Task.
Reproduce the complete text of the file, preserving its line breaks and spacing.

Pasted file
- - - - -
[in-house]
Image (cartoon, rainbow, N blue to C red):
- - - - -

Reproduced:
[in-house]
Image (cartoon, rainbow, N blue to C red):